Versions of the “AMP” stack are: Apache: 2.2.22, MySQL: 5.1.61 and PHP: 5.3.10.

MySQL took some 2.5 hours to compile and resulted on about 260KB of swap being used. Apache was a bit quicker at 1.5 hours, but surprisingly it used a little more swap – up to 680KB. The configure and compile for PHP took it up to nearly 900KB. (however I did start up MySQL during this phase to finish the installation of it, but shut it down once I’d finialised the installation)

Watching the system with ‘top’ while it was compiling, it seems the GCC compiler doesn’t really need much more than 60-80MB of RAM, so the few little things that got swapped out are really just making more buffer space – so I imagine the compiler and associated programs stay cached in RAM for the duration while will speed things up somewhat. The bottleneck really seems to be the CPU, so I doubt putting the files on USB drive, NFS, etc. would make any difference to it all – the system runs at >95% CPU running gcc for a good few minutes for each file, so optimising the few seconds of disk IO doesn’t really seem worthwhile.

Typical of top during PHP being compiled:

KiB Mem:    222744 total,   185080 used,    37664 free,    10000 buffers
KiB Swap:   131068 total,      868 used,   130200 free,    71484 cached

  PID USER      PR  NI  VIRT  RES  SHR SWAP S  %CPU %MEM    TIME+  COMMAND                    
14053 root      20   0 83580  73m 6904    0 R  98.1 33.6   3:00.28 cc1

The whole process is very reminiscent of installing the LAMP stack on an older server – a PIII/800MHz many years ago. (And I had about the same amount of RAM then too!)

… Some time later and it’s running.

And so what can I say… It’s slow. I’ve tweaked the apache config somewhat and it’s still slow. What makes it slow… It seems to be a conbination of lots of things – PHP is quite large, so that eats up some RAM. MySQL likes to do fflush() operations which make the underlying filesystem somewhat slow. (however using phpMyAdmin on the server was OK, so maybe wordpress really is a bit big and bloaty afterall!)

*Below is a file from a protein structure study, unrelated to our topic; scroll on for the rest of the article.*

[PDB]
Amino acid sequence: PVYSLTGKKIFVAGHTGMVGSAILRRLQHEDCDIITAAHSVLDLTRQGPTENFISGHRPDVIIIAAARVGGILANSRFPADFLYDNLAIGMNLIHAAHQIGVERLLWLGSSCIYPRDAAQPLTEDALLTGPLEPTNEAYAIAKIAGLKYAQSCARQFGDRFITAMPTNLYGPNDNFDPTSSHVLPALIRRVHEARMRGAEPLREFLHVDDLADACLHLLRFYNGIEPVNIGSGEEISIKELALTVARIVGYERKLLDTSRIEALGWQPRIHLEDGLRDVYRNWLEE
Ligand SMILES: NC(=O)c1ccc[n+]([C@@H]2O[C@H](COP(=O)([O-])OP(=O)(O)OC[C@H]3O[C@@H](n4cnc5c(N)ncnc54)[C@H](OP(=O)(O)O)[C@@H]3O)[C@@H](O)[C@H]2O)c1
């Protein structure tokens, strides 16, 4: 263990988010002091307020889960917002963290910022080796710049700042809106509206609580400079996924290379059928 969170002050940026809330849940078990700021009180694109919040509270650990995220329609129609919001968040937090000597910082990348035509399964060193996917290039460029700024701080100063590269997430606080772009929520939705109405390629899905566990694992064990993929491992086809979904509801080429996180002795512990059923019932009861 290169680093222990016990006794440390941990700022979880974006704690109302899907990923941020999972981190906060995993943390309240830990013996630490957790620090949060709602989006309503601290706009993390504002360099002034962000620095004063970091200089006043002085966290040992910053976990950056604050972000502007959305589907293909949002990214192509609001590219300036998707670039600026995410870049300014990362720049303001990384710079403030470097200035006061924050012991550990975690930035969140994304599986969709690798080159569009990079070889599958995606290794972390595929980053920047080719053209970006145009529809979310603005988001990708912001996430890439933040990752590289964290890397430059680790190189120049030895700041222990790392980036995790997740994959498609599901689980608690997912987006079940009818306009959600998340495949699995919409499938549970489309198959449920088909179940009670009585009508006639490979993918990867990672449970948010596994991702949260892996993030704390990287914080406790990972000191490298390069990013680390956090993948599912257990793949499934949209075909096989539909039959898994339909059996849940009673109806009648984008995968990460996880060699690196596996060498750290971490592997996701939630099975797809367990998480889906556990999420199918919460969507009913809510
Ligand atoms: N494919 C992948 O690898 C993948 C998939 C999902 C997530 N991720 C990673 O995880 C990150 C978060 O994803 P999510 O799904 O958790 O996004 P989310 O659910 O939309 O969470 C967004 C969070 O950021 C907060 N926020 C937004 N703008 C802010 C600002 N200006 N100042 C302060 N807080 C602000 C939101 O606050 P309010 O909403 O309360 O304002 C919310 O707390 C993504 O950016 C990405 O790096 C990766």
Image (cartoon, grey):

Next week (if I have the time and enthusiasm!) I’ll start to try some of the newer servers and configurations and so on… Watch this space, but don’t hold your breath!

Another update to wiringPi

Thanks to Keith Wright for diligently testing it and pointing out bugs for me – fixed some issues in the gpio command, and while I was at it, I added in 2 new functions to it to allow for easy exporting/unexporting of the /sys/class/gpio interface – so now you can write a little script to do the exports for you, then run your own program that uses that interface (e.g.) a Python, shell, or php script, then un-export them afterwards, all without needing to be root (or use the sudo command)

WiringPi – Another bug, another day…

Just uploaded a new version of wiringPi  with a few bug fixes. the main one being in digitalWrite when the range check for the pin number was fine when it was wiringPi pins, but not fine for the newly introduced GPIO pin numbers.

I’ve also added in some additions – a shiftIn/Out module and a serial port access module. These are just handy additions, but I use them myself in other projects, so it’s a handy place to keep them.

As usual, fedback welcome!


Raspberry Pi – Game Port IO?

My little ladder game seems to have generated some interest – or was it my comment about the GPIO port standing for Game Port IO? Who knows, it’s fun anyhow…

But it’s got me thinking – what else can I do with a row of LEDs and a button. The Ladder game isn’t original, it was from a magazine published over 30 years ago, but what else can I think of to use on the same platform…

Some sort of reaction tester? shooter? Will crank up my imagination and see what comes up, but suggestions are welcome!


No updates for a while as I’ve spent most of this week cooking. If every you think that running a little baking hobby business is fun, then great, it is fun! Until you decide to take on doing an afternoon tea for 100 people…

More when I can get more time out of the kitchen… Lost count of the number of scones but I think it’s close to 200. 8 big cakes (Lemon Drizzle, Chocolate, Victoria sandwich and coffee & walnut), 100 mini cup-cakes, and 240 slices of bread into dainty sandwiches!

Then there’s tea, lemonade, lashing of ginger beer (non-alcoholic) and so on…

If only the weather was looking better… Ah well, we do have an indoor hall as well as a big garden!

— Quick update after the event. A huge success with most of the food eaten! If you want photos, they’re over on our Moorbakes site.